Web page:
I read most of this book. I finally bailed on it towards the end.
It’s a look inside the minds of Middle Eastern terrorists, and why they did what they did. I gathered that the author was assigned to some hospital in the Middle East, and had the opportunity to interview a bunch of them over time, and this book was the result.
Unfortunately, it has a breathless, dramatic tone that I didn’t love. It reads like a novel, and I couldn’t help but wonder how much dramatic license the author took. In place, it seemed like he was inside the heads of these guys, “reporting” on things he couldn’t possibly know.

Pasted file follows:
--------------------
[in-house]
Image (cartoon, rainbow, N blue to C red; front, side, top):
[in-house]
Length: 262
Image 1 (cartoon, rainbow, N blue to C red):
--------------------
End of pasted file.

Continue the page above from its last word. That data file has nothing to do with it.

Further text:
I would have appreciated it if it was more factual, more dry. I kept feeling like the author was desperately trying to spice things up, and it was a turnoff.
Still, I got a bit of value out of the book. A lot of anger seems to be rooted in dissatisfaction with life in general, and people join jihad not specifically out of a hatred for the West, but because it’s just a background conflict all their lives, and at some point they they feel that it will give them some meaning, rather than the often painful, pointless existence they have otherwise. Some of them seemed to become terrorists out of a lack of anything better to do.
I realize that’s an incredibly anglocentric view of it, but that’s what I got.